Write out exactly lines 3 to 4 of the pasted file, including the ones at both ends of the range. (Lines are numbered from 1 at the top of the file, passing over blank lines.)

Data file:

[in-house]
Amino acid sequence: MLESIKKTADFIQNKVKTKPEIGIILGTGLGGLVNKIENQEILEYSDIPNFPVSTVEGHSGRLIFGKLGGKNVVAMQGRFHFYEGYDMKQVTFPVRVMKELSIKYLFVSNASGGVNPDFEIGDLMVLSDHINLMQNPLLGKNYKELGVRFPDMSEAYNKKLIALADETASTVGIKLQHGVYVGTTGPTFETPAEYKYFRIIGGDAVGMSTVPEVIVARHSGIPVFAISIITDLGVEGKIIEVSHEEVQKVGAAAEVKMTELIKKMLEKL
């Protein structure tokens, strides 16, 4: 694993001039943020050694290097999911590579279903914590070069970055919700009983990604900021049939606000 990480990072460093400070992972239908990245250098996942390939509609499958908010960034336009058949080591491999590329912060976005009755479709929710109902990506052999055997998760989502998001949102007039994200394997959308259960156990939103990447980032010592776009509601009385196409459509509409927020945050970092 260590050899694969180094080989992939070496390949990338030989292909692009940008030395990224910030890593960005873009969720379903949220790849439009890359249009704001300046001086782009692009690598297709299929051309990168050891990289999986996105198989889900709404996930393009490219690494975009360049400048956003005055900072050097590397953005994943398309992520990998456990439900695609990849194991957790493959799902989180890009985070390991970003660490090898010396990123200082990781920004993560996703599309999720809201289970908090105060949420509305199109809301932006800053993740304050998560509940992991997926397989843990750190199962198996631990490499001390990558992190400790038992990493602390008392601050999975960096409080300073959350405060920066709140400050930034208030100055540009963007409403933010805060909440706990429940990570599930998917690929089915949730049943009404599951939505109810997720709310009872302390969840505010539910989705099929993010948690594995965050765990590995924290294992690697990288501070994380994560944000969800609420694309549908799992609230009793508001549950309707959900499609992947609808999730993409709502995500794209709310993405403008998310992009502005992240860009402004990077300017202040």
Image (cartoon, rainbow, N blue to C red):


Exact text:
């Protein structure tokens, strides 16, 4: 694993001039943020050694290097999911590579279903914590070069970055919700009983990604900021049939606000 990480990072460093400070992972239908990245250098996942390939509609499958908010960034336009058949080591491999590329912060976005009755479709929710109902990506052999055997998760989502998001949102007039994200394997959308259960156990939103990447980032010592776009509601009385196409459509509409927020945050970092 260590050899694969180094080989992939070496390949990338030989292909692009940008030395990224910030890593960005873009969720379903949220790849439009890359249009704001300046001086782009692009690598297709299929051309990168050891990289999986996105198989889900709404996930393009490219690494975009360049400048956003005055900072050097590397953005994943398309992520990998456990439900695609990849194991957790493959799902989180890009985070390991970003660490090898010396990123200082990781920004993560996703599309999720809201289970908090105060949420509305199109809301932006800053993740304050998560509940992991997926397989843990750190199962198996631990490499001390990558992190400790038992990493602390008392601050999975960096409080300073959350405060920066709140400050930034208030100055540009963007409403933010805060909440706990429940990570599930998917690929089915949730049943009404599951939505109810997720709310009872302390969840505010539910989705099929993010948690594995965050765990590995924290294992690697990288501070994380994560944000969800609420694309549908799992609230009793508001549950309707959900499609992947609808999730993409709502995500794209709310993405403008998310992009502005992240860009402004990077300017202040």
Image (cartoon, rainbow, N blue to C red):